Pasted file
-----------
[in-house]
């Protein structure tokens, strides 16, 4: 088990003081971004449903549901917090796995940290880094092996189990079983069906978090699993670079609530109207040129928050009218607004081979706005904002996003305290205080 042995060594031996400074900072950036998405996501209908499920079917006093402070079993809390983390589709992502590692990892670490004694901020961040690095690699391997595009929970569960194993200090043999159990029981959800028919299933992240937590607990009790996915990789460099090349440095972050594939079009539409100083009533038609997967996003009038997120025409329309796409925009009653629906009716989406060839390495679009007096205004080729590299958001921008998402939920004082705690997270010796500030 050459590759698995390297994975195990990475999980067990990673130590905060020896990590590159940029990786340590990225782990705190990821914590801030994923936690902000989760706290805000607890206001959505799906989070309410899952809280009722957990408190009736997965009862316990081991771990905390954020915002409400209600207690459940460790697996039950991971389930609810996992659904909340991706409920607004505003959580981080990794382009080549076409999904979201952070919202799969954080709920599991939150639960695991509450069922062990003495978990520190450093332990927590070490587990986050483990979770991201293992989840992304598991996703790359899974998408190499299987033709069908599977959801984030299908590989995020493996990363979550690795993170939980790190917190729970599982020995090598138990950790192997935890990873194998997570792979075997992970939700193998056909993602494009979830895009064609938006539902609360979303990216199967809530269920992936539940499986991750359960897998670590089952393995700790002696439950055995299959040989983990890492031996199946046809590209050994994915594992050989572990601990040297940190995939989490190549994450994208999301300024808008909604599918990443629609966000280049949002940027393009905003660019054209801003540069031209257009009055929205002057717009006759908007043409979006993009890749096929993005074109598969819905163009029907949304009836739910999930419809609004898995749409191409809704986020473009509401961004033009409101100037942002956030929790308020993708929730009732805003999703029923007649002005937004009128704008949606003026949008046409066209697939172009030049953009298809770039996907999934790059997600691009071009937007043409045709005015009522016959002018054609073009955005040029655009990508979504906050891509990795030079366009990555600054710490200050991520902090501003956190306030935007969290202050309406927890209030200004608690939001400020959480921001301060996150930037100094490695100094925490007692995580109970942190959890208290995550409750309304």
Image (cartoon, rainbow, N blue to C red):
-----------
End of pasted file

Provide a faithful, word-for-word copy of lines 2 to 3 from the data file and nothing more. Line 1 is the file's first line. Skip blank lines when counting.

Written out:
């Protein structure tokens, strides 16, 4: 088990003081971004449903549901917090796995940290880094092996189990079983069906978090699993670079609530109207040129928050009218607004081979706005904002996003305290205080 042995060594031996400074900072950036998405996501209908499920079917006093402070079993809390983390589709992502590692990892670490004694901020961040690095690699391997595009929970569960194993200090043999159990029981959800028919299933992240937590607990009790996915990789460099090349440095972050594939079009539409100083009533038609997967996003009038997120025409329309796409925009009653629906009716989406060839390495679009007096205004080729590299958001921008998402939920004082705690997270010796500030 050459590759698995390297994975195990990475999980067990990673130590905060020896990590590159940029990786340590990225782990705190990821914590801030994923936690902000989760706290805000607890206001959505799906989070309410899952809280009722957990408190009736997965009862316990081991771990905390954020915002409400209600207690459940460790697996039950991971389930609810996992659904909340991706409920607004505003959580981080990794382009080549076409999904979201952070919202799969954080709920599991939150639960695991509450069922062990003495978990520190450093332990927590070490587990986050483990979770991201293992989840992304598991996703790359899974998408190499299987033709069908599977959801984030299908590989995020493996990363979550690795993170939980790190917190729970599982020995090598138990950790192997935890990873194998997570792979075997992970939700193998056909993602494009979830895009064609938006539902609360979303990216199967809530269920992936539940499986991750359960897998670590089952393995700790002696439950055995299959040989983990890492031996199946046809590209050994994915594992050989572990601990040297940190995939989490190549994450994208999301300024808008909604599918990443629609966000280049949002940027393009905003660019054209801003540069031209257009009055929205002057717009006759908007043409979006993009890749096929993005074109598969819905163009029907949304009836739910999930419809609004898995749409191409809704986020473009509401961004033009409101100037942002956030929790308020993708929730009732805003999703029923007649002005937004009128704008949606003026949008046409066209697939172009030049953009298809770039996907999934790059997600691009071009937007043409045709005015009522016959002018054609073009955005040029655009990508979504906050891509990795030079366009990555600054710490200050991520902090501003956190306030935007969290202050309406927890209030200004608690939001400020959480921001301060996150930037100094490695100094925490007692995580109970942190959890208290995550409750309304």
Image (cartoon, rainbow, N blue to C red):